Oh dear. Photo via Leadership by DanThe worst thing that can happen to your computer is frying the hard drive. I had this misfortune two summers ago. I’m grateful that it was the summer though and not before finals. All of your stuff is lost. Music, movies and TV Shows can be re-downloaded, but pictures and documents cannot be easily recreated. 

The Cloud


A good solution that can sit right in your documents folder is Dropbox. You can just drag and drop the files into a folder that’s placed in the location you choose and the files will be uploaded to Dropbox while still being able to access from that folder as well as from any place that has an Internet connection. 

The pricing for Dropbox is 9.99/a month for 50 GB of storage and 19.99/a month for 100 GB. The free version of Dropbox give you 2 GB of storage.  The prices may seem a little steep but the service is much better than Mozy, which I’ll get into below. 


Over the past two weeks I’ve been playing around with Mozy and it’s been pretty good. I started with a mammoth upload, which took a couple of days then it just died. Which I don’t blame it, 24 GB is a lot of information to go over an internet connection. I was surprised it got 18 GB across. It didn’t get to upload my documents so on my next backup I just selected the things I need to be backed up for school. That’s worked really well. 

On the download, or restore functions wasn’t what I was expecting. You have to wait for an email from Mozy in order to restore your files. 

There is a free option of Mozy which is right up college students’ alleys. It has 2 GB of space which should be enough for a semester’s worth of work and slideshows. The unlimited version of the servicecosts five dollars a month. While backing up offsite is good if your dorm burns down, it doesn’t seem worth it when you can pay a larger one time price for what I’m going to talk about below, the portable HDD option.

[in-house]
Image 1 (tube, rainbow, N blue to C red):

The Not-Cloud


One of the pitfalls of online backups is that if you have a slow internet connection then your backup will take days if you have a lot of files. So, for the students who want to back up their music, movies and pictures, it’s probably better to go with a portable hard drive. 

Western Digital came out with some pretty stylish My Passport drives not too long ago. They are worth checking out. They are compatible with all Windows OSs including Windows 7. They work on OS X too but in order for that to happen you have reformat the drive.

For OS X, I recommend a Verbatim or Seagate drive. They both work with Time Machine right out of the box which is really swell. 

Do you backup your files? How do you do it? Comment below to share your backup method!